This column will focus on education in the interest of the public debate and the social-economic dialogue which takes place between the Government and the education unions, with the Prime Minister and several Minister directly involved. Building the human capital involves investments in and improvement of the education, the health and the social protection, as well as the general economic and social environment. All these areas are of exceptional importance and are complex. In addition to education, without quality healthcare services and social protection it cannot be expected for productivity to reach the optimal level. However, considering the limited space for this column, I am going to write about this topic at another time.

 

Education: 11 years on the school bench in our country 7 years in developed countries

As is the case in most countries, unfavorable educational conditions are largely responsible for this productivity loss. As regards the systematic analysis of the country, the World Bank states that gaps in human capital in the Republic of North Macedonia start early, even from pre-school enrollment, followed by compulsory education, up to school-to-work transition. Children in our country up to the age of 18 are expected to attend 11 years of preschool, primary and secondary education. However, when the schooling years are adjusted as per the quality of what has been learned, it is equivalent to only 7.3 years. This means that our children waste 3.7 years in school, in terms of what they need to learn and what has already been learned. In addition, the percentage of children’s access to education in our country, from preschool to higher education, deviates from the European Union average.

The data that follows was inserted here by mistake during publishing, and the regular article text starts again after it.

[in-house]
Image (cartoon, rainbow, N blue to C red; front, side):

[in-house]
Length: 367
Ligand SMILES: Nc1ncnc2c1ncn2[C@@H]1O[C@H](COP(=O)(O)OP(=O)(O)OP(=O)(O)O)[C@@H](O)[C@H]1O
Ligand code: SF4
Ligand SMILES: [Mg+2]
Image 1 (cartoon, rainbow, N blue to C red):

Educational system does not always succeed in providing high-quality education, thus being at the detriment of the human capital creation, thereby also adversely affecting the productivity and the living standard of a nation. According to the PISA 2018 results (showing actually better results compared to 2015), performance of our students remains below the average score of the EU countries and the countries in the region. According to the same Report, half of the 15-year-olds in our country have not acquired the basic knowledge and skills in science, mathematics and reading.

Strategic approach is needed to address this issue, which is tackled by the Government through the Human Capital Development Strategy. Above all, the students need to be in the schools, where they belong. Furthermore, high-quality teaching practices, development and better qualifications of teachers are needed, to be coupled by improved system for professional development of the teaching staff at all levels of education, thereby understandably meeting the professional and individual needs of the teachers. Quality assurance mechanisms are essential in ensuring high-quality teaching practices and good governance as regards both the educational institutions and the system as a whole. Effective quality assurance requires adequate and regular monitoring of the performance of both the students and the educational institutions, by also having support mechanisms in place, which will help them cope with the challenges they face.

 

Wages, prices and inflation: what is the threat behind the inflationary spiral?

We hereby refocus on the relationship between human capital, wages and productivity, being actually a vicious circle that always repeats itself. I am alluding to the one-week strike of some of the educational workers, who demand a linear increase in wages, as a result of the minimum wage increase to Denar 18,000.